The second season of Amazon Prime Video’s The Boys—based on the celebrated graphic novel by Garth Ennis and Darick Robertson—has made me thirsty (in the original sense of the word) for Fresca. It also made me wonder if Amazon and Coca-Cola weren’t somehow in collusion to drive up the sales of the carbonated grapefruit-based beverage […]Read more "The Boys: Season 2 (Amazon Prime) — a review"
You have to know what you want when you’re ordering an X-Men omnibus collection. This “Essential” volume collects the first twenty-four issues of The X-Men, which didn’t become Uncanny until issue #95, after a five-year hiatus between 1970 and ’75, when no new X-Men stories were published. The “Essential” volume that contains issue #95 is […]Read more "The Essential Uncanny X-Men: Vol. 1, featuring Stan Lee & Jack Kirby (Marvel Comics)"
I’ve written about Firefly on other occasions. Like all fans of the show, I’ve bemoaned the fact that this science fiction series, created by patron-nerd-saint Joss Whedon, was cancelled after only a single season. The show was so richly drawn, with compelling characters and potential plotlines that could have easily sustained five additional seasons, perhaps […]Read more "Firefly: The Story Continues . . . (adventures in other media)"
The League of Extraordinary Gentlemen was released in 2003, but I didn’t watch it until sometime after it came out on DVD. I was an avid fan of Blockbuster and Hollywood Video in those days—a card-carrying member. Broadband and streaming videos were being talked about, even then, but that felt like talking about flying cars […]Read more "The League of Extraordinary Gentlemen — a movie review"
This trade paperback collects issues #1 through 6 of The Boys, by writer Garth Ennis and artist Darick Robertson. These were the first six issues published by Wildstorm, a DC imprint, prior to the series being cancelled by DC. Ennis and Robertson would move the series over to Dynamite Comics. The series would continue through […]Read more "The Boys, Vol 1: The Name of the Game, by Garth Ennis and Darick Robertson — a comic book review"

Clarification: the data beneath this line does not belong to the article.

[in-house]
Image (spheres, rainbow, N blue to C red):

What follows is my list of favorite comic book superheroes. In no particular order: Batman (DC) — The Batman that I love isn’t necessarily the original Bob Kane (with Bill Finger) Batman or the 1966 Batman with his campiness and go-go vibe. Nor is it the Frank Miller “old man Batman.” It’s definitely something in-between. […]Read more "10-List: Favorite Superhero Comic Book Characters"
I’ve read Jeph Loeb’s work before. He wrote Batman: Hush, an excellent Batman story drawn by Jim Lee. I liked that one a lot. He also wrote Batman: The Long Halloween, with art by Tim Sale, the artist in the Spider-Man limited series. I didn’t hate this one, but I didn’t like it as much […]Read more "Spider-Man: Blue, by Jeph Loeb & Tim Sale — comic book review"
I’ve written about my personal history with comic books before. As far back as I can remember (I can remember kindergarten quite well, and perhaps things that happened before then), comic books were a part of my life. At first, it was books such as Baby Huey, Little Lotta, and various Disney characters, including Scrooge […]Read more "In Memoriam: a belated remembrance of Stan Lee (1922-2018)"
This trade paperback collects Strange Tales 151 – 168 & Nick Fury, Agent of S.H.I.E.L.D. 1 – 3, 5. All of these individual issues, as you may have guessed from the title, feature the art of Jim Steranko, from the period 1966 through ’68. I never read any of these when I was a kid, […]Read more "S.H.I.E.L.D., by Steranko — a comic book review"
Doc Bruce BannerBelted by gamma raysTurned into the HulkAin’t he unglamo-rays!Wreckin’ the townWith the power of a bullAin’t no monster clownWho is as lovableAs ever-lovin’ Hulk! HULK! HULK! These were the lyrics to the theme song for the 1966 cartoon, an Incredible Hulk segment on The Marvel Super Heroes show. I dig the way the […]Read more "The Immortal Hulk: Vol. 1: Or Is He Both?, by Al Ewing & Joe Bennett — comic book review"